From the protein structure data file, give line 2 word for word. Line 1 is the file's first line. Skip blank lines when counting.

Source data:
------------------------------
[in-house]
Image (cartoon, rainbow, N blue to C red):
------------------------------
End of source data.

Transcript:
Image (cartoon, rainbow, N blue to C red):